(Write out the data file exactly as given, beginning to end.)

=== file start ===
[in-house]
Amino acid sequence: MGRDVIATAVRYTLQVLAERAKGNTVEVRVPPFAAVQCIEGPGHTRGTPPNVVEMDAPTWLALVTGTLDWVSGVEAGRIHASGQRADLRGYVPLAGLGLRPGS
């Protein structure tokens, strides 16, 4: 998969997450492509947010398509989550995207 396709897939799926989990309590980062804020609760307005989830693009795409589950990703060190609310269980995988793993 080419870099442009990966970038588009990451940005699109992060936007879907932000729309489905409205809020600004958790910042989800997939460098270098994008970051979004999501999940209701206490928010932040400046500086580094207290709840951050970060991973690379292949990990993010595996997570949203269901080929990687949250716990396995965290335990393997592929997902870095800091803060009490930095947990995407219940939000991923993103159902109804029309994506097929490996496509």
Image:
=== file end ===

[in-house]
Amino acid sequence: MGRDVIATAVRYTLQVLAERAKGNTVEVRVPPFAAVQCIEGPGHTRGTPPNVVEMDAPTWLALVTGTLDWVSGVEAGRIHASGQRADLRGYVPLAGLGLRPGS
């Protein structure tokens, strides 16, 4: 998969997450492509947010398509989550995207 396709897939799926989990309590980062804020609760307005989830693009795409589950990703060190609310269980995988793993 080419870099442009990966970038588009990451940005699109992060936007879907932000729309489905409205809020600004958790910042989800997939460098270098994008970051979004999501999940209701206490928010932040400046500086580094207290709840951050970060991973690379292949990990993010595996997570949203269901080929990687949250716990396995965290335990393997592929997902870095800091803060009490930095947990995407219940939000991923993103159902109804029309994506097929490996496509």
Image: